Extradition from Nevada is the process where law enforcement arrests you here in Nevada for being a fugitive of another state, and then holds you to be picked up and brought to that state to answer for the criminal charges. Extradition is a complex process because it requires interstate coordination between police agencies.
Here are five key things to know:
- Nevada can generally hold you in custody for 30 days before you must be extradited to the demanding state.
- In some cases, the judge may release you on bail in Nevada while you fight the extradition.
- Depending on the case, it may make sense to “waive extradition” and go back to the demanding state immediately.
- Because extradition is expensive, out-of-state police usually only pursue fugitives facing serious charges.
- Typical defenses to extradition are that the extradition documents are invalid or that you are the victim of mistaken identity.
In this article, our Las Vegas criminal defense attorneys discuss:
- 1. What is extradition from Nevada?
- 2. Can police arrest me in Nevada for crimes committed elsewhere?
- 3. How does “extradition from Nevada” work?
- 4. Can I be released on bail pending whether the extradition goes through?
- 5. Can I be arrested without a Governor’s Warrant issuing first?
- 6. How long can I be held before being extradited?
- 7. What happens if I am also facing criminal charges in Nevada?
- 8. How do I fight extradition from Nevada?
- 9. Additional reading
See our related article on extradition to Nevada.
1. What is extradition from Nevada?
Extradition from Nevada is the process where authorities arrest you in Nevada and then surrender you to another state to answer criminal charges in that state. For example,
John commits burglary in California and flees to Nevada. Extradition is the process where police can arrest John in Nevada even though the burglary took place in California. If the extradition goes through, John will be transferred back to California to face burglary charges (as well as fugitive charges).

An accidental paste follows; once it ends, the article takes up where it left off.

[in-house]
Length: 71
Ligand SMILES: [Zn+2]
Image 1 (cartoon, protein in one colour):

The following types of fugitives may be extradited from Nevada to the state where their alleged criminal activity occurred:
- People who commit a crime in another state and then flee while the case is still pending, or
- People who escape from jail or prison in another state, or
- People who violate bail in another state, or
- People violate parole or probation in another state, or
- People who move or travel and honestly have no idea there is a warrant for their arrest in another state. Often these people do not realize they are wanted until they get pulled over for a traffic stop and the police officer runs a “warrant check” on them.
Note that the majority of states including Nevada have adopted the Uniform Criminal Extradition Act (“UCEA”), governing the laws and procedures for extradition. Nevada codified the UCEA under NRS 179.1
2. Can police arrest me in Nevada for crimes committed elsewhere?
Yes, but authorities from both states must follow proper extradition procedures for the extradition to be legitimate.
Note that extradition cases in Las Vegas are handled by the Clark County District Attorney‘s “Q Cases Unit.”